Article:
Humility isn’t a word we talk about a ton in business circles. It sounds weak. Or that you might get walked on.
Humility isn’t a word we lead with on our resume or our LinkedIn profile. And if you are humble, you certainly don’t broadcast it by saying “I’m the humblest guy you know”. By definition, that makes one not humble.
True humility isn’t this aww shucks mentality that makes the recipient of praise look at the ground and defer attention. That’s actually false humility, an attempt by the individual to gain more praise.
Play out this scenario with me. You’re in a staff meeting after completing a major project. The project lead walks into the full conference room and begins the meeting. She starts by looking directly at you and says, “Thank you for going above and beyond with Project Whatever. Your leadership, decisions and execution were fantastic. Well done.”
The entire room looks at you for your reaction. You look down at your iPad on the table, avoid direct eye contact and say “No big deal, part of my job. Couldn’t have done it without the team.” At first glance, that seems humble. But it’s not. It’s an attempt to have others come up later and say “no really man, thanks for your leadership, great job.”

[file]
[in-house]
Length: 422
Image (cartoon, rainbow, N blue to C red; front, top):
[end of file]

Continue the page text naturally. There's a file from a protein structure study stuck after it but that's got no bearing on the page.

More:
Imagine the difference in the above scenario if you looked the Project Lead in the eye and responded with “Thank you. I appreciate the feedback. The team executed the plan almost flawlessly, and we were all grateful to contribute.” It’s an entirely different posture. That’s humility.
You didn’t respond with boasting, self-congratulation or posturing but you also didn’t minimize your contributions. Further, you brought your team into the mix and increased your equity and loyalty with them.
This isn’t a skill that develops overnight, but over the long haul, it’s worth it. Start paying attention to how you respond, look around at the leaders on each end of the spectrum, and you will begin to grow in humility.
Humility is incredibly attractive, contagious and even strong.
If we’re boasting and making it all about us when praise comes, we need to stop. But we also need to stop if we’re taking the aww shucks route.